Posts Tagged ‘Midtown East’

Social Eatz

Sunday, October 30th, 2011 by virginia

Social Eatz is a restaurant that garners a lot of buzz because it is the restaurant of Top Chef alum Angelo Sosa. Josh and I are big fans of Top Chef but we didn’t root for Angelo when he was competing the first time around. While his food always looked good and his competitors clearly respected him, we had other favorites. Nevertheless, we didn’t object when Jess and Jack told us we should try the food at Social Eatz. They had eaten there before and enjoyed it, and so we decided to go on a double date with them and check it out.

Jess made a reservation for us on a Saturday night, but the restaurant was surprisingly empty when we arrived. We got a great table right next to the window in front. Jess and I got some beer while Josh ordered the carrot ginger fizz, an interesting cocktail featuring carrot juice, ginger beer, vodka, and citrus. It was sweet, tangy, and bubbly, and very drinkable.

Carrot Ginger Fizz cocktail

We decided to share a few appetizers to start. The first was edamame fritters, which our waiter said was a new dish for the restaurant. For some reason we were all expecting the individual edamame beans to be fried, and were quite surprised when we saw that it was actually like falafel balls made from pureed edamame. The fritters were fantastic – crispy on the outside and creamy on the inside. The edamame flavor definitely shined through, brightened up with some citrus. There was also garlic mayo on the side for dipping that was addictively delicious. I could have used that mayo on just about anything. My only complaint was that there were only two fritters in the order. I wish there had been more!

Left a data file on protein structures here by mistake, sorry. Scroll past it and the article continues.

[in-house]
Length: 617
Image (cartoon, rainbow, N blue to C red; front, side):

Edamame fritters with garlic mayo

Our other appetizer was the noodle salad with plum ponzu. It featured cold buckwheat soba noodles with baby bok choy, sugar snap peas, and sliced scallions all mixed with a sweet plum and citrus dressing. It was light and refreshing and also a good mix of sweet and tangy. The noodles were cooked well so that they still had a nice chewiness to them, and this time I had no complaints about the portion size.

Noodle salad with plum ponzu

Both couples decided to share a bibimbap burger and a pair of tacos. There are lots of different burgers to choose from but the bibimbap burger won’s best burger in America contest so we wanted to try it out. We were happy to see that they cut the burgers in half for us in the kitchen, because they were really quite messy. The burger featured a beef patty topped with a runny fried egg, shredded lettuce, and pickled carrots and cucumber. There was also sriracha mayo on the burger that oozed out when we bit into the burger and dripped everywhere.

Bibimbap burger

Autopsy shot

The burger itself was very flavorful, with the pickled vegetables and sriracha sauce definitely showing its Asian influence. The beef patty was cooked to a nice medium rare but it was kind of mushy in texture and got a bit lost under the egg and all the other components. What meat I could taste was well seasoned, and while I really did enjoy the burger, it didn’t seem like a regular burger to me. I wouldn’t compare it to a Shake Shack burger or Corner Bistro, because it’s a totally different genre of burger. So even though it was pretty delicious in it’s own way, if I’m craving a burger, this isn’t what I’d go for. Nevertheless, we were happy to have tried it.

As for the tacos, we got an order of the Korean beef tacos and the tilapia tacos. The Korean beef tacos featured marinated skirt steak that had a slight kick to it from gochujang, which is a spicy Korean pepper paste. The taco was supposed to have bean sprout kimchee as well but I didn’t really see it or taste it. There were pickled carrots and cucumber on the taco, as well as more of that sriracha mayo, which actually made the whole thing taste very similar to the bibimbap burger. The skirt steak was pretty tender, however, and flavorful on its own, and I enjoyed the fresh cilantro on top. I just wish that the taco had more pronounced kimchee flavor.

Korean beef tacos

The tilapia tacos were pretty spicy, as the fish had been brushed with Thai chili. I enjoyed the fish and the accompanying green tomato salsa and avocado, which helped temper the spice. It was a flavorful combination of spicy and tangy, and I preferred these tacos to the Korean beef tacos. I just wish they hadn’t added sriracha mayo to these tacos as well, as after a while, everything just started tasting the same.

Chili kissed tilapia tacos